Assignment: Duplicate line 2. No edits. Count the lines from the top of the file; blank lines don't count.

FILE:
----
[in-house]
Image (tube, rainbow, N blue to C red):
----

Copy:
Image (tube, rainbow, N blue to C red):